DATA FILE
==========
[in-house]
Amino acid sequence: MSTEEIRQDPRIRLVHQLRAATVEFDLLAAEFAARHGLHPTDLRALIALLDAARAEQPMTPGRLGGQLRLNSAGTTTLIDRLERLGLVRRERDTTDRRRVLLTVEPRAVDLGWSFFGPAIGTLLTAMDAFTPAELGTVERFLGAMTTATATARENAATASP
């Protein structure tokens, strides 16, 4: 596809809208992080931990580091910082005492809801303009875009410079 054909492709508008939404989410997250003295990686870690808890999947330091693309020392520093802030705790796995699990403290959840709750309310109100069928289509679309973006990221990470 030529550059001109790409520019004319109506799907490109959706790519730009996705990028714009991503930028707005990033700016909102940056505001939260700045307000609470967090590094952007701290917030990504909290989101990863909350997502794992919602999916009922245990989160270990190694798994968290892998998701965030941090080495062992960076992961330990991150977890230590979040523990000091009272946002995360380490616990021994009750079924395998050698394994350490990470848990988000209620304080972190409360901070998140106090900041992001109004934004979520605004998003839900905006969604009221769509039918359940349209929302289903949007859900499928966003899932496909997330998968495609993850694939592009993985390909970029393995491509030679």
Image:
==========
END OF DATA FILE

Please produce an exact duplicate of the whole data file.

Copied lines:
[in-house]
Amino acid sequence: MSTEEIRQDPRIRLVHQLRAATVEFDLLAAEFAARHGLHPTDLRALIALLDAARAEQPMTPGRLGGQLRLNSAGTTTLIDRLERLGLVRRERDTTDRRRVLLTVEPRAVDLGWSFFGPAIGTLLTAMDAFTPAELGTVERFLGAMTTATATARENAATASP
């Protein structure tokens, strides 16, 4: 596809809208992080931990580091910082005492809801303009875009410079 054909492709508008939404989410997250003295990686870690808890999947330091693309020392520093802030705790796995699990403290959840709750309310109100069928289509679309973006990221990470 030529550059001109790409520019004319109506799907490109959706790519730009996705990028714009991503930028707005990033700016909102940056505001939260700045307000609470967090590094952007701290917030990504909290989101990863909350997502794992919602999916009922245990989160270990190694798994968290892998998701965030941090080495062992960076992961330990991150977890230590979040523990000091009272946002995360380490616990021994009750079924395998050698394994350490990470848990988000209620304080972190409360901070998140106090900041992001109004934004979520605004998003839900905006969604009221769509039918359940349209929302289903949007859900499928966003899932496909997330998968495609993850694939592009993985390909970029393995491509030679």
Image: